‘Hey! Look, I blogged today! Go read!’

“Nah. Thanks. I don’t want to open it. By the way, you blog?”

So keep in mind, your visitors must know that you blog! Tell them that you do and let them know that you’d like them to read and provide feedback on your posts.

But while sharing the posts, make sure you keep a proper gap. Maybe share one blog post per 5 – 10 normal Facebook posts. That’d keep a nice balance.

Time and tide wait for no one. But for bloggers, they do!

Honestly, I have found that the time post 8 pm IST (for Indian bloggers) is the best time to share blog posts. Why do I say this when blogs related to tech, food, etc. are shared in the daytime? Well, let’s see.

The audience mostly spends their daytime looking at posts and memes on Facebook. They might be in their offices working and taking breaks to surf midway, or sitting idle waiting for their friends to come online after their college hours. The possibilities are endless. The reason why Tech, food, etc. blogs run in the daytime is that they can be read in the shortest span of time. Let’s say, there’s a new mobile launched in the market. What’d most normal readers do? Open the link, read the specifications of the phone, check the images, the price, and the final verdict of the blogger. That’s it. You read one blog post within 30 seconds to 1 minute!

On the contrary, it’s not the same with the blogs of writers and authors. There’s no scope to miss words in the article while reading them. So your readers tend to read it at night or midnight when they are relaxing after a tiring day and surfing articles to ‘read’ while having their dinner or lying in bed.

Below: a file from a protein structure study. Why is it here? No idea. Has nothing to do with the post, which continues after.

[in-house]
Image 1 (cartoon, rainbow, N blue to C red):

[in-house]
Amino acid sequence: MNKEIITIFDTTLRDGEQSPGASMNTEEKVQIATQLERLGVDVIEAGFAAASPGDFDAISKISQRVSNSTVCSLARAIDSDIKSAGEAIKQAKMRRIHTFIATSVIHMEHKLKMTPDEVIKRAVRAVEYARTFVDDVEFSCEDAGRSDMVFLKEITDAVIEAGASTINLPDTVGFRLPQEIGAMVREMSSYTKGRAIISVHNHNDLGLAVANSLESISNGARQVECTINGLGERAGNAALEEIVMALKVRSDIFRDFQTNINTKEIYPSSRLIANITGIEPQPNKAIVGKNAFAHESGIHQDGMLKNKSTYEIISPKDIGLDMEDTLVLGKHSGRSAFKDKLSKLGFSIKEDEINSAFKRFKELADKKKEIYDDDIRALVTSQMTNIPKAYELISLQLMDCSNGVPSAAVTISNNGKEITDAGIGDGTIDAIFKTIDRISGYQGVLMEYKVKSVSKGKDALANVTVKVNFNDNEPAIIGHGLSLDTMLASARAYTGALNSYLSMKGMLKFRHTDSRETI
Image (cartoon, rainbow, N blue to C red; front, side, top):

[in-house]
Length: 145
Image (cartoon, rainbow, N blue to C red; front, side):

Bonus tip: My Analytics tells me that most of the visitors to my site come during weekends (mostly Saturdays) post 11 pm. You know why I pointed this out; use it!

Build Ultra Strong Connections with your Readers & Bloggers

A point that I keep repeating repeatedly. To state it short and sweet: Go out and talk with your readers. Ask them to share your blog post if they enjoyed reading it. Contact other bloggers in your circles who blog in similar niches and ask them to share your article with their readers if they think their readers will find it useful.

Have faith

Have faith. Your blog’s following will increase eventually. There’s no need to rank the highest or gain the highest traffic as soon as you start the blog. Build loyal readers and you’ll see a huge increase in your traffic soon.

Facebook Marketing Guide by Aniruddha Pathak - Three

Be patient and consistent. The other day, one of my writer friends pinged me. “Bro, every time I post something, the number of people reading my posts lessens. I don’t know what to do! This market is killing my passion.”

I asked, ‘How often do you post?’

He said, “Once or twice a month.”

I immediately understood his mistake: he wasn’t consistent. The readers waited for updates from him, but he never posted anything on time. It was his convenience. If that is so, I firmly assert that keep the least expectations. You need to be consistent to gain a following.